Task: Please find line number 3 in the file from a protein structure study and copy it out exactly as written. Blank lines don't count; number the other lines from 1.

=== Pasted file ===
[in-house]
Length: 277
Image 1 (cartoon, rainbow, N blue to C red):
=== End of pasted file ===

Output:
Image 1 (cartoon, rainbow, N blue to C red):